Customer Service Q&A with Debbie Frazier
As a customer service representative for Boston Orthotics & Prosthetics, Debbie Frazier is dedicated to providing the very best service to all the Boston O&P patients she serves, which is one of the reasons she was named Employee of the Year in 2009. In this Q&A, learn more about Debbie, including how working at Boston O&P became a family affair, her most rewarding experience, and her biggest pet peeve.
When did you start working for Boston O&P?
My sister was working for the company and needed some help, so in May 1991, she hired me. And 28 + years later, I’m still here.
What has been your most rewarding experience?
Knowing that we are helping people, especially children, is very rewarding. When we are able to see the amazing outcomes that our helmets and scoli braces get, that is amazing!!! And being recognized for your hard work and efforts from a co-worker or one of your customers feels great.
What do you consider your area of expertise?
All of the customer service reps process all orders, but each of us has a product line that we focus on. For me, it’s the spinal braces and the Boston Brace 3D in particular.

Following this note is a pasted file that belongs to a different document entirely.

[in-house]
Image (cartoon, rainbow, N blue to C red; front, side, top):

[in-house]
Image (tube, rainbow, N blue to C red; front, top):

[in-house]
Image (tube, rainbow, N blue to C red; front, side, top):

What are 3 things people don’t know about you?
- My husband, Gordy, has been working for the company for almost 5 years now, in the helmet department.
- Between us, we have three children and a beautiful, 8-month-old granddaughter, whom we absolutely adore and love spending time with. We also have a cat and a golden retriever, Daisy.
- My love for animals knows no bounds. After the cat and dog I wanted to get a horse...Gordy said "no." BOO!
What are you passionate about outside of Boston O&P?
I'm a big supporter of Breast Cancer Awareness Month and am active trying to make sure women get screened. Both my mother and I are survivors and are very lucky to have discovered it when we did.
What is your biggest customer service pet peeve?
Most orders come in perfect with all the information we need plus a scan and x-ray, but sometimes orders are incomplete and we have to chase down info, which makes the patient wait longer than necessary.